Long-term care (LTC) homes have been the epicentre of the coronavirus disease 2019 (COVID-19) pandemic in Canada to date. Previous research shows that for-profit LTC homes deliver inferior care across a variety of outcome and process measures, raising the question of whether for-profit homes have had worse COVID-19 outcomes than nonprofit homes.
We conducted a retrospective cohort study of all LTC homes in Ontario, Canada, from Mar. 29 to May 20, 2020, using a COVID-19 outbreak database maintained by the Ontario Ministry of Long-Term Care. We used hierarchical logistic and count-based methods to model the associations between profit status of LTC homes (for-profit, nonprofit or municipal) and COVID-19 outbreaks in LTC homes, the extent of COVID-19 outbreaks (number of residents infected), and deaths of residents from COVID-19.
The analysis included all 623 Ontario LTC homes, comprising 75 676 residents; 360 LTC homes (57.7%) were for profit, 162 (26.0%) were nonprofit, and 101 (16.2%) were municipal homes. There were 190 (30.5%) outbreaks of COVID-19 in LTC homes, involving 5218 residents and resulting in 1452 deaths, with an overall case fatality rate of 27.8%. The odds of a COVID-19 outbreak were associated with the incidence of COVID-19 in the public health unit region surrounding an LTC home (adjusted odds ratio [OR] 1.91, 95% confidence interval [CI] 1.19–3.05), the number of residents (adjusted OR 1.38, 95% CI 1.18–1.61), and older design standards of the home (adjusted OR 1.55, 95% CI 1.01–2.38), but not profit status. For-profit status was associated with both the extent of an outbreak in an LTC home (adjusted risk ratio [RR] 1.96, 95% CI 1.26–3.05) and the number of resident deaths (adjusted RR 1.78, 95% CI 1.03–3.07), compared with nonprofit homes. These associations were mediated by a higher prevalence of older design standards in for-profit LTC homes and chain ownership.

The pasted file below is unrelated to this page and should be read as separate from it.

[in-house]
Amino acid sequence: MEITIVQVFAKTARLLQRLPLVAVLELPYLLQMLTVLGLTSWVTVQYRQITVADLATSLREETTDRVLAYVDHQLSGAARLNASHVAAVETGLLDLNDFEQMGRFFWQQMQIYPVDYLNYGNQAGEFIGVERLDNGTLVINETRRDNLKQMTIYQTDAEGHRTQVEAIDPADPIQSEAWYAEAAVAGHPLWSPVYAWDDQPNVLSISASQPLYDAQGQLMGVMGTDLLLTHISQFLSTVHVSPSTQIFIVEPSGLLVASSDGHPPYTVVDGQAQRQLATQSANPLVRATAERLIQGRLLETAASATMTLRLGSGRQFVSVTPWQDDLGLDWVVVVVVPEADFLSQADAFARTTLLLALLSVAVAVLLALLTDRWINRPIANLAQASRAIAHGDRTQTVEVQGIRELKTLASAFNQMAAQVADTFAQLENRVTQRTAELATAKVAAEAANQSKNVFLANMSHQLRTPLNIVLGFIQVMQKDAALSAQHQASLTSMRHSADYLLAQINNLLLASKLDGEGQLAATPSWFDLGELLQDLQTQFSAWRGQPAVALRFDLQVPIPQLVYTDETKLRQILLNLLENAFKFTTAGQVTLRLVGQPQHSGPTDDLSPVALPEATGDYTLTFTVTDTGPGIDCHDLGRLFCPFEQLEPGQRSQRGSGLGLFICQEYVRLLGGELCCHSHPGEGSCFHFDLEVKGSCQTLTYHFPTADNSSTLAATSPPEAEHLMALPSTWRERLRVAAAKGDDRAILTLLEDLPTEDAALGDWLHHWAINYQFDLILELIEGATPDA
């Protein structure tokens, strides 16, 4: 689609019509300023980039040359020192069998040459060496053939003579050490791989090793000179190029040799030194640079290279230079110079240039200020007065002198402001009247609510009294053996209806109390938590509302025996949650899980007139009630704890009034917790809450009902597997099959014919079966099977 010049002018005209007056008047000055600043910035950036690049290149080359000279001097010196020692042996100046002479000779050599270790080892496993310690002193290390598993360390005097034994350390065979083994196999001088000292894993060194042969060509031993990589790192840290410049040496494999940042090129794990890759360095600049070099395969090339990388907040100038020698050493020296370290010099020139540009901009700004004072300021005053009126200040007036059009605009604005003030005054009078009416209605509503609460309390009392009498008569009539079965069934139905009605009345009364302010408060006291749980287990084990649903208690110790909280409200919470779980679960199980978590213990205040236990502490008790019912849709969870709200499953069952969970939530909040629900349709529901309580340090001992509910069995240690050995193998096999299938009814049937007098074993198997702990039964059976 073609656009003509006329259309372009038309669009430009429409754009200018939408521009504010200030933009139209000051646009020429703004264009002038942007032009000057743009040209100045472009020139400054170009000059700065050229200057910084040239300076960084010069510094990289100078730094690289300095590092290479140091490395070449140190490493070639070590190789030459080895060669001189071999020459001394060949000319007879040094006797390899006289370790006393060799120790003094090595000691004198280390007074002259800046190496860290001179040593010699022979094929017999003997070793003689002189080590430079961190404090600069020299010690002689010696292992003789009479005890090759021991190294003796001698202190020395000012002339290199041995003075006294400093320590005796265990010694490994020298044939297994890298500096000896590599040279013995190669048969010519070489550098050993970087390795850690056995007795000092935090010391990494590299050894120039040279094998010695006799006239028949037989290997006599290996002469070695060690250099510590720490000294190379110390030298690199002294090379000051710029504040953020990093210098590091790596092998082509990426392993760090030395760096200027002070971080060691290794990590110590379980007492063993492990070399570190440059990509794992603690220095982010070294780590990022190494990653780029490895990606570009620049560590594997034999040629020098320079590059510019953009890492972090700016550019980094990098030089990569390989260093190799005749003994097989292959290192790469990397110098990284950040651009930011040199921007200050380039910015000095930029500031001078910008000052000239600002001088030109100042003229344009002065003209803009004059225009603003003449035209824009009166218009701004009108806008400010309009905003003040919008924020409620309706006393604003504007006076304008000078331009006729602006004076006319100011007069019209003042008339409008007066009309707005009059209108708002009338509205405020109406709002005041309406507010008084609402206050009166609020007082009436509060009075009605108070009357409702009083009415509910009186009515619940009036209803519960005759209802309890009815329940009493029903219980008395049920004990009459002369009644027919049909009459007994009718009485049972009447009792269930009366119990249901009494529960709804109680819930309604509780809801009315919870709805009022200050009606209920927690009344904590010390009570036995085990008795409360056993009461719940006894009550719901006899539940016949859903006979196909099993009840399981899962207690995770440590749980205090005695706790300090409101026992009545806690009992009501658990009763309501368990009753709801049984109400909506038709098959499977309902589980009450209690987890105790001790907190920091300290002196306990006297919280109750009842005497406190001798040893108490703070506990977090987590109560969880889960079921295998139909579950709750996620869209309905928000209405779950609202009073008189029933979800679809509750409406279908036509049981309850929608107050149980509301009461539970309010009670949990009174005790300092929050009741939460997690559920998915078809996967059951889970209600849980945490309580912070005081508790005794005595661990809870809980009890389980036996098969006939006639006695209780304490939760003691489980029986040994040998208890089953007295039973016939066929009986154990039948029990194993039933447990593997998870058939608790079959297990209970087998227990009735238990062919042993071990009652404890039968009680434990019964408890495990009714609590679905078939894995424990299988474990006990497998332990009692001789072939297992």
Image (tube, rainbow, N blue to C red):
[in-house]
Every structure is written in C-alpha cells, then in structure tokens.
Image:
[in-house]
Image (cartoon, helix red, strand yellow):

For-profit status is associated with the extent of an outbreak of COVID-19 in LTC homes and the number of resident deaths, but not the likelihood of outbreaks. Differences between for-profit and nonprofit homes are largely explained by older design standards and chain ownership, which should be a focus of infection control efforts and future policy.